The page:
DroneSeed: Using UAVs to conduct surveys, herbicide applications, and aerial seed deployment in forests and rangelands

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Grant Canary

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DroneSeed is a Seattle-based startup that is developing software, hardware, and infrastructure for operational capacity of Unmanned Aerial Vehicles (UAVs) to conduct surveying, herbicide application, and aerial seed deployment in forests and rangelands. Their mission is to provide more efficient and rapidly scalable survey and revegetation services for myriad ecosystem management needs. They are currently paid per acre to survey, mitigate invasive species with herbicides, and plant (enabled seed) for the largest timber companies in the US. They are also partnered with The Nature Conservancy and have begun seed-based rangeland restoration work in Oregon and post-fire forest restoration work in other locations in the American West. The presentation will provide an overview of the company’s technology, review projects and milestones, and outline the research and development supporting their data-driven approach. Wildfire and other large-scale ecosystem disturbances are increasing in frequency and severity. Constraints to post-disturbance revegetation include accessibility to remote areas, difficulty distributing seed precisely at scale, invasive species mitigation, and associated costs. DroneSeed is developing a multi-pronged approach to revegetation using UAVs that is applicable to large-scale post-disturbance revegetation and native plant management at an effective cost. Their supervised classification platform is the basis for a machine learning software being developed for seed placement (i.e. micrositing) for optimizing germination and survival. DroneSeed is increasing operational capacity using swarm technology, enabling multiple heavy lift aircraft to move material payloads across restoration areas with increased precision. The company is precedent setting in the regulatory environment allowing for this work.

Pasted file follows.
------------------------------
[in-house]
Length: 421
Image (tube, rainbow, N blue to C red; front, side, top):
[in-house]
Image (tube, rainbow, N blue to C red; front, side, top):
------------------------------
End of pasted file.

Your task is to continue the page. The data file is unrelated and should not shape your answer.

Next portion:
Resource Type:
Audio/Video, Conference Presentation, SER2019

Pre-approved for CECs under SER's CERP program

Society for Ecological Restoration